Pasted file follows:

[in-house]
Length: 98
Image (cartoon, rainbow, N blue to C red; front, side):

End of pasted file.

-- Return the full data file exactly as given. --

[in-house]
Length: 98
Image (cartoon, rainbow, N blue to C red; front, side):